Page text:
systemd.dnssd man page

systemd.dnssd — DNS-SD configuration

Synopsis

network_service.dnssd

Description

DNS-SD setup is performed by systemd-resolved(8).

The main network service file must have the extension .dnssd; other extensions are ignored.

The .dnssd files are read from the files located in the system network directory /usr/lib/systemd/dnssd, the volatile runtime network directory /run/systemd/dnssd and the local administration network directory /etc/systemd/dnssd. All configuration files are collectively sorted and processed in lexical order, regardless of the directories in which they live. However, files with identical filenames replace each other. Files in /etc have the highest priority, files in /run take precedence over files with the same name in /usr/lib. This can be used to override a system-supplied configuration file with a local file if needed.

Along with the network service file foo.dnssd, a "drop-in" directory foo.dnssd.d/ may exist. All files with the suffix ".conf" from this directory will be parsed after the file itself is parsed. This is useful to alter or add configuration settings, without having to modify the main configuration file. Each drop-in file must have appropriate section headers.

In addition to /etc/systemd/dnssd, drop-in ".d" directories can be placed in /usr/lib/systemd/dnssd or /run/systemd/dnssd directories. Drop-in files in /etc take precedence over those in /run which in turn take precedence over those in /usr/lib. Drop-in files under any of these directories take precedence over the main network service file wherever located. (Of course, since /run is temporary and /usr/lib is for vendors, it is unlikely drop-ins should be used in either of those places.)

[Service] Section Options

The network service file contains a "[Service]" section, which specifies a discoverable network service announced in a local network with Multicast DNS broadcasts.

Name=

An instance name of the network service as defined in the section 4.1.1 of RFC 6763[1], e.g. "webserver".

The option supports simple specifier expansion. The following expansions are understood:

Table 1. Specifiers available

Specifier Meaning Details
"%m" Machine ID The machine ID of the running system, formatted as string. See machine-id(5) for more information.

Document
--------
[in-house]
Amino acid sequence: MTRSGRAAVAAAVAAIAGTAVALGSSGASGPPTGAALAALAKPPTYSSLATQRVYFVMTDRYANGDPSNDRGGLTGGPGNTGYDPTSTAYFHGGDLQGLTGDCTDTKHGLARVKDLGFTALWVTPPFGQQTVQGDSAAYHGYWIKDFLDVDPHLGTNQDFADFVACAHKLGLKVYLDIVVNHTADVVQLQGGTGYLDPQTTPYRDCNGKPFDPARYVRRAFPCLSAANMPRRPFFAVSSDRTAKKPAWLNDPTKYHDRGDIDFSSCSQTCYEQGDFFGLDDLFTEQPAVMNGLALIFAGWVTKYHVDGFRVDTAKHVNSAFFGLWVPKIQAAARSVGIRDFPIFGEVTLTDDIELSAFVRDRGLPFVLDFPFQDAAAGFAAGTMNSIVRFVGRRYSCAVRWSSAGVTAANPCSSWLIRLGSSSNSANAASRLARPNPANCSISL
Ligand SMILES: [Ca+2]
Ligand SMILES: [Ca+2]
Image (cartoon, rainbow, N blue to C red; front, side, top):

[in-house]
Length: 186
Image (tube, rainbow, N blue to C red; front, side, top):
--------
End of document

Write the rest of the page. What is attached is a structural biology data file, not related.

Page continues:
"%b" Boot ID The boot ID of the running system, formatted as string. See random(4) for more information.
"%H" Host name The hostname of the running system.
"%v" Kernel release Identical to uname -r output.
Type=

A type of the network service as defined in the section 4.1.2 of RFC 6763[1], e.g. "_http._tcp".

Port=

An IP port number of the network service.

Priority=

A priority number set in SRV resource records corresponding to the network service.

Weight=

A weight number set in SRV resource records corresponding to the network service.

TxtText=

A whitespace-separated list of arbitrary key/value pairs conveying additional information about the named service in the corresponding TXT resource record, e.g. "path=/portal/index.html". Keys and values can contain C-style escape sequences which get translated upon reading configuration files.

This option together with TxtData= may be specified more than once, in which case multiple TXT resource records will be created for the service. If the empty string is assigned to this option, the list is reset and all prior assignments will have no effect.

TxtData=

A whitespace-separated list of arbitrary key/value pairs conveying additional information about the named service in the corresponding TXT resource record where values are base64-encoded string representing any binary data, e.g. "data=YW55IGJpbmFyeSBkYXRhCg==". Keys can contain C-style escape sequences which get translated upon reading configuration files.

This option together with TxtText= may be specified more than once, in which case multiple TXT resource records will be created for the service. If the empty string is assigned to this option, the list is reset and all prior assignments will have no effect.

Examples

Example 1. HTTP service

# /etc/systemd/dnssd/http.dnssd
[Service]
Name=%H
Type=_http._tcp
Port=80
TxtText=path=/stats/index.html t=temperature_sensor

This makes the http server running on the host discoverable in the local network given MulticastDNS is enabled on the network interface.

Now the utility "resolvectl" should be able to resolve the service to the host's name:

$ resolvectl service meteo._http._tcp.local
meteo._http._tcp.local: meteo.local:80 [priority=0, weight=0]
                        169.254.208.106%senp0s21f0u2u4
                        fe80::213:3bff:fe49:8aa%senp0s21f0u2u4
                        path=/stats/index.html
                        t=temperature_sensor
                        (meteo/_http._tcp/local)

-- Information acquired via protocol mDNS/IPv6 in 4.0ms.
-- Data is authenticated: yes

"Avahi" running on a different host in the same local network should see the service as well:

$ avahi-browse -a -r
+ enp3s0 IPv6 meteo                                         Web Site             local
+ enp3s0 IPv4 meteo                                         Web Site             local
= enp3s0 IPv6 meteo                                         Web Site             local
   hostname = [meteo.local]
   address = [fe80::213:3bff:fe49:8aa]
   port = [80]
   txt = ["path=/stats/index.html" "t=temperature_sensor"]
= enp3s0 IPv4 meteo                                         Web Site             local
   hostname = [meteo.local]
   address = [169.254.208.106]
   port = [80]
   txt = ["path=/stats/index.html" "t=temperature_sensor"]

See Also

systemd(1), systemd-resolved.service(8), resolvectl(1)

Notes

1.

RFC 6763
https://tools.ietf.org/html/rfc6763

Referenced By

resolvectl(1), systemd.directives(7), systemd.index(7).

systemd 239 systemd.dnssd